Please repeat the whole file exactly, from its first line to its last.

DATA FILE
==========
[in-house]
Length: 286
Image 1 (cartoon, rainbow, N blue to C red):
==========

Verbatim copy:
[in-house]
Length: 286
Image 1 (cartoon, rainbow, N blue to C red):